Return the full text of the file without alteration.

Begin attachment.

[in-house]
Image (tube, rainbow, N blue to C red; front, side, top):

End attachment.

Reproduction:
[in-house]
Image (tube, rainbow, N blue to C red; front, side, top):